Getting Git

A comprehensive video course from git init to Git Master.

Master: git fetch

In this video we'll learn some of the additional options for git fetch.

In init: git fetch, we covered how to use git fetch to fetch from a single remote.

If we have multiple remotes, we can use the --all option to fetch for all remotes.

We can do so by running:

git fetch --all.

In this case, it will download information from both the origin and upstream remotes.

To fetch from multiple remotes, but not all of them, we can use the --multiple option.

For example, if I didn't want to fetch from all remotes, but specifically the origin and upstream remote, I could run:

git fetch --multiple origin upstream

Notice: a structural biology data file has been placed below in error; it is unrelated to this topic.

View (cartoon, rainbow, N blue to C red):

The final option we'll learn is --prune.

Over time, you'll build up a lot references. By default, git fetch does not remove local references that no longer exist on a remote.

To do so, you have to add the --prune option.

Let's demonstrate this by pushing a test branch to GitHub.

Then we'll remove the test branch on GitHub.

If I run git fetch origin, notice nothing is updated.

If I run git log --oneline --decorate --graph --all, we still see a local reference to origin/test.

However, if we run git fetch --prune origin, we see from the output it deleted the test branch, and we can verify it no longer appears when running git log.